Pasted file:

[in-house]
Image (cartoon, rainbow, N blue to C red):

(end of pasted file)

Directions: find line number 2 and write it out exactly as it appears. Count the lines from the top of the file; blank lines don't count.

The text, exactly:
Image (cartoon, rainbow, N blue to C red):